Fourteen category-based awards were up for grabs and the gems of the watchmaking world came to Geneva to be part of the huge ceremony.
The 2021 edition of the Grand Prix d'Horlogerie de Genève wrapped up with a stunning awards ceremony on Thursday evening (Nov 4).
The quest for excellence is a guiding force across many crafts and disciplines, and the luxury watch industry is no different. The Grand Prix d’Horlogerie de Genève (GPHG) aims to highlight and reward the most remarkable creations of the past 12 months.
Watch the full glittering ceremony in the media player below.
Bulgari walked away with the prestigious Grand Prix de l'Aiguille d'Or award for their Octo Finissimo model.
Winners and categories
Ladies’ watch prize: women’s watches comprising the following indications only - hours, minutes, seconds, simple date (day of the month), power reserve, classic moon phases - and potentially adorned with a maximum 9-carat gemsetting. Winner: Piaget - Limelight Gala Precious Rainbow
Men’s watch prize: men’s watches comprising the following indications only - hours, minutes, seconds, simple date (day of the month), power reserve, classic moon phases - and potentially adorned with a maximum 5-carat gemsetting. Winner: Grand Seiko - Hi-Beat 36000 80 Hours Caliber 9SA5
In this year's selection there were also two 'complication' categories, one for men and one for ladies. Watches in these categories are remarkable in terms of their mechanical creativity and complexity. These watches may feature all kinds of classic and/or innovative complications and indications (e.g. annual calendar, perpetual calendar, equation of time, complex moon phases, tourbillon, digital or retrograde time display, world time, dual time or other types of model) and do not fit the definition of the ordinary gender men's and ladies' categories.
Winner of Ladies' Complication: Van Cleef & Arpels - Lady Féerie Watch
Winner of Men's Complication: MB&F - LMX Titanium
Other categories were:
Iconic: watches from an emblematic collection that has been exercising a lasting influence on watchmaking history and the watch market for more than 20 years. Winner: Audemars Piguet - Royal Oak “Jumbo” Extra-Thin
Petite Aiguille: watches with a retail price between CHF 3,500 and CHF 10,000. Smartwatches are admissible in this category. Winner: Tudor - Black Bay Ceramic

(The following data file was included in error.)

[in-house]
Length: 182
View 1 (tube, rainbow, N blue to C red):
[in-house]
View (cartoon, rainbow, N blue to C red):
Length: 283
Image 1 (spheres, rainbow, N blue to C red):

Tourbillon: men’s mechanical watches comprising at least one tourbillon. Additional indications and/or complications are admissible. Winner: De Bethune - DB Kind of Two Tourbillon
Chronograph: mechanical watches comprising at least one chronograph indication. Additional indications and/or complications are admissible. Winner: Zenith - Chronomaster Sport
Diver’s: watches linked to the world of diving, whose functions, materials and design are suited to this activity. Winner: Louis Vuitton - Tambour Street Diver Skyline Blue
Challenge: watches with a retail price equal to or under CHF 3,500. Smartwatches are admissible in this category. Winner: CIGA Design - Blue Planet
Calendar and Astronomy: men’s mechanical watches comprising at least one calendar and/or astronomical complication (e.g. date, annual calendar, perpetual calendar, equation of time, complex moon phases display, etc.). Additional indications and/or complications are admissible. Winner: Christiaan Van Der Klaauw - CVDK Planetarium Eise Eisinga
Mechanical Exception: watches featuring a special mechanism, such as an innovative or sophisticated display, an automaton, a striking or any other acoustic function, a special escapement, a belt-driven movement or any other original and/or exceptional horological concept. Winner: Piaget - Altiplano Ultimate Automatic
Jewellery: watches demonstrating exceptional mastery of the art of jewellery and gemsetting, and also distinguished by the choice of stones. Winner: Chopard - Flower Power
Artistic Crafts: watches demonstrating exceptional mastery of one or several artistic techniques such as enamelling, lacquering, engraving, guilloché (engine-turning), skeleton-working, etc.
Winner: MB&F - LM SE Eddy Jaquet 'Around the World in Eighty Days'
This prize rewards the best competing watch offering an innovative vision of time measurement (in terms of technique, design, materials, etc.) and opening up new development pathways for the watchmaking art. Winner:
Bernhard Lederer - Central Impulse Chronometer**
This prize rewards the best competing watch featuring a non-conformist, offbeat approach to watchmaking. Winner:
Louis Vuitton - Tambour Carpe Diem**
- "Horological Revelation" Prize:
This prize rewards a competing watch created by a young brand (less than ten years of existence since its first model was commercialised).
Furlan Marri - MR. Grey Ref. 1041-A
“First of all, it's probably the best-known watch prize in the world, number one. Second, it's recognition by the peers. Because you have experts choosing the watches, you have experts voting for the watches,” Georges Kern, CEO of Breitling told Euronews, ahead of the opening last month.
“Of course, at the end of the day, it's the consumer who decides what watch is successful or not,” said Kern. “But at least you know it's something good if you win.”
Only watches released into the market between May 2020 and the end of October 2021 have been eligible to take part in the Grand Prix.